Effect of 12 weeks of resistance exercise on post-exercise hypotension in stage 1 hypertensive individuals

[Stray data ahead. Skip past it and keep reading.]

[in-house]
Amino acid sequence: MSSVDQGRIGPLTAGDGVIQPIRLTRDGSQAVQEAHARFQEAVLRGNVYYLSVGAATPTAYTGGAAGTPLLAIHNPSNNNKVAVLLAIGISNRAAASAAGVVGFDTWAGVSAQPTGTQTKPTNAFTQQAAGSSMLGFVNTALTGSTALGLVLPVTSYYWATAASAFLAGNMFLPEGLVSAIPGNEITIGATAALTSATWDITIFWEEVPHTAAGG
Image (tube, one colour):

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Post-exercise hypotension (PEH), the reduction of blood pressure (BP) after a single bout of exercise, is of great clinical relevance. As the magnitude of this phenomenon seems to be dependent on pre-exercise BP values and chronic exercise training in hypertensive individuals leads to BP reduction; PEH could be attenuated in this context. Therefore, the aim of the present study was to investigate whether PEH remains constant after resistance exercise training. Fifteen hypertensive individuals (46 ± 8 years; 88 ± 16 kg; 30 ± 6% body fat; 150 ± 13/93 ± 5 mm Hg systolic/diastolic BP, SBP/DBP) were withdrawn from medication and performed 12 weeks of moderate-intensity resistance training. Parameters of cardiovascular function were evaluated before and after the training period. Before the training program, hypertensive volunteers showed significant PEH. After an acute moderate-intensity resistance exercise session with three sets of 12 repetitions (60% of one repetition maximum) and a total of seven exercises, BP was reduced post-exercise (45-60 min) by an average of aproximately -22 mm Hg for SBP, -8 mm Hg for DBP and -13 mm Hg for mean arterial pressure (P < 0.05). However, this acute hypotensive effect did not occur after the 12 weeks of training (P > 0.05). In conclusion, our data demonstrate that PEH, following an acute exercise session, can indeed be attenuated after 12 weeks of training in hypertensive stage 1 patients not using antihypertensive medication. © 2012 Macmillan Publishers Limited All rights reserved.